• The Maasai people of Africa live between Kenya and Tanzania. They had broad access to these lands, but the arrival of Europeans restricted their free movement. Massailand was a result. The Europeans engineered famines, and many cattle perished. 
  • The pastoral nomads were timekeepers. They reached geographically suitable places on time and maintained close bonds with locals and farmers. The cattle provided manure to the farm; in return, the farmers provided them with rice and other crops.
  • The policies of the British government proved to be disastrous for the pastoralists. The enactment of the Forest Acts barred them from taking forest resources. Instead, they were taxed on cattle and entered grasslands.
  • The colonial government exploited all the land to meet European market demands. They grew cash crops like coffee, tea, sugarcane, and cotton to maintain the supply chain and cope with the textile industry’s demand for cotton as a raw material.

Chapter 5 History Class 9 Notes will help students to understand the concept of Chapter 5, Pastoralists in the Modern World.

Pastoralist Nomads And Their Movements

Pastoralists were like nomadic people who moved from place to place in search of a suitable climate for their activities. For example, grasslands were required for cattle grazing, but as the winters arrived, the grasslands were covered in snow and moved to other places of lower elevation for cattle grazing. Some tribes avoided the rainy season, so they moved to desert areas. They kept travelling from one location to another.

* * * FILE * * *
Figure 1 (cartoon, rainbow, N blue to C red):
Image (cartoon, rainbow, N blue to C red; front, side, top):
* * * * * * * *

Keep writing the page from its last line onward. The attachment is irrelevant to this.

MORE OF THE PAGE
These people abandoned the land once it became unsuitable for cultivation. In the meantime, the forest reclaimed its territory. The cattle also provided manure to the farm through their excreta.

In The Mountains

  • The Gujjar Bakarwal community migrated to Jammu and Kashmir in the 19th century for cattle rearing. They moved to lower elevated grounds by the end of September and marched north in April.
  • The Gaddi community of Himachal Pradesh followed a similar trend, moving to the Shiwalik ranges in winter and to Lahaul and Spiti in the months of summer.
  • The pastorals of Kumaon and Garhwal also moved to Bhabar, a dry forest during winters, and again marched to Bugyal, a high-altitude meadow. 
  • Other Himalayan communities, like Bhotiya, Sherpa, and Kinnauris, followed similar patterns. 
  • The continued movement of cattle also prevented the overuse of resources.

On The Plains, Plateaus, and Deserts

  • The Dhangar tribe of Maharashtra lived on the plateaus. They grew only millets because the region was arid. They marched to the Konkani regions during rainfall. They had good relations with the local Konkani farmers, and the cattle excreta provided organic manure to the fields.